Tales of the Contrary

Posted: Tuesday, November 1, 2005
By: Steve Saville

Cover of Tales of the Contrary Creator(s): Andrew Bartlett, Dave Evans and Richmond Clements
Publishers: JOB Comics (Self Published)
From: Wales
Price: 1.50 + 50p p and p

Tales of the Contrary gives us five stories that explore the darker side of power. Five quite different perspectives too and that is what makes this comic interesting. There is a link, albeit tenuous, between the stories and that is most of them offer reflections on the clich "those that live by the sword, die by the sword."

It is quite British in its approach and the message contained within the separate stories is at times almost Orwellian at other times reminiscent of Swift's Modest Proposal and Helen Russell's outstanding novel The Sparrow. Quite serious and thought provoking stuff then.

My favourite tale is the last one, A Complete Revolution, a cleverly designed page that shows as well as tells how revolutions tend to repeat themselves in an endless cycle of violence. I was immediately reminded of Orwell's line "All revolutions are failures, just not the same failure." Another story Johnny Upright also deals with the cyclical nature of power in a tale that revolves around the idea of "what goes round..."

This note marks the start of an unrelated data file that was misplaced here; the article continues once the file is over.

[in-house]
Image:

Hard Hunter, Soft Heart kicks off the edition and starts strongly enough as it examines the concept of the testing of the hunter. Unfortunately the twist at the end is not foreshadowed and tends to work against the carefully paced build up. Visually there is an interesting use of close up within what is primarily an orthodox approach to page design.

Hereditary Genius works better. It is longer and this means the plot can be more detailed and complex. This futuristic tale explores the connection between power and blood ties. Sure in this case the blood ties are tenuous [second time I've used that word in the same review] but the issues raised are worth raising and thought provoking. The fact that it somehow reminds me of Dune leads me to assume that the creators of this collection are wide readers. The penultimate tale is an illustrated prose science fiction story that is actually very effective in the way it cleverly shows how history tends to repeat itself.

Plenty of material to mull over here. Ultimately the narrative content is better than the visual elements present which means the comics appearance does not always do justice to some of the issues discussed within. It might have looked more impressive if presented in A5 format rather than the A4 format chosen by the creators. And guys, if you can stretch the budget go for a colour cover next time, your art work cries out for colour even if it is only on the cover.

I found that I gave this comic a quick read and almost dismissed it, it was only when I went back and gave it more time that I realised that the primary purpose of Tales of the Contrary is to explore the human condition and the attitude as humans that we have towards power. It does not always achieve what it set out to but it is well worth reading and reflecting on.

In a Word: Orwellian.

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